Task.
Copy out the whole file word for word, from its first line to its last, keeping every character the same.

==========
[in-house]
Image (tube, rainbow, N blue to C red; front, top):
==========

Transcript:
[in-house]
Image (tube, rainbow, N blue to C red; front, top):